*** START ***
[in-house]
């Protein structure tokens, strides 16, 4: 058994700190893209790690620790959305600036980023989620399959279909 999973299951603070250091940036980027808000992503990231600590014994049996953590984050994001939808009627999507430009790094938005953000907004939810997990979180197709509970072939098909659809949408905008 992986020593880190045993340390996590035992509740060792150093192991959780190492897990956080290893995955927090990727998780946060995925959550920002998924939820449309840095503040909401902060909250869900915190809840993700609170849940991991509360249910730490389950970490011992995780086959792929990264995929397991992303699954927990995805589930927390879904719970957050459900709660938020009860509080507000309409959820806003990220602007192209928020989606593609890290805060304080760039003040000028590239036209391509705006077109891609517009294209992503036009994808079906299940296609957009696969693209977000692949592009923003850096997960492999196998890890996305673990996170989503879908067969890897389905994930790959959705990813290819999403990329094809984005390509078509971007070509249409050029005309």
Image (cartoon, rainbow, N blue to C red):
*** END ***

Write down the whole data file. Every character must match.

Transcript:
[in-house]
């Protein structure tokens, strides 16, 4: 058994700190893209790690620790959305600036980023989620399959279909 999973299951603070250091940036980027808000992503990231600590014994049996953590984050994001939808009627999507430009790094938005953000907004939810997990979180197709509970072939098909659809949408905008 992986020593880190045993340390996590035992509740060792150093192991959780190492897990956080290893995955927090990727998780946060995925959550920002998924939820449309840095503040909401902060909250869900915190809840993700609170849940991991509360249910730490389950970490011992995780086959792929990264995929397991992303699954927990995805589930927390879904719970957050459900709660938020009860509080507000309409959820806003990220602007192209928020989606593609890290805060304080760039003040000028590239036209391509705006077109891609517009294209992503036009994808079906299940296609957009696969693209977000692949592009923003850096997960492999196998890890996305673990996170989503879908067969890897389905994930790959959705990813290819999403990329094809984005390509078509971007070509249409050029005309």
Image (cartoon, rainbow, N blue to C red):